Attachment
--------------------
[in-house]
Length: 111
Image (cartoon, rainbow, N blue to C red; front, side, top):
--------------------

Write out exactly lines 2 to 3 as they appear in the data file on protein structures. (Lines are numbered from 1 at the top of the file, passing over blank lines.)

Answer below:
Length: 111
Image (cartoon, rainbow, N blue to C red; front, side, top):